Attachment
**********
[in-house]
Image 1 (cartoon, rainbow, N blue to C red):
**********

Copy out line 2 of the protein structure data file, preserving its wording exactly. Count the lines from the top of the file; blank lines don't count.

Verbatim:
Image 1 (cartoon, rainbow, N blue to C red):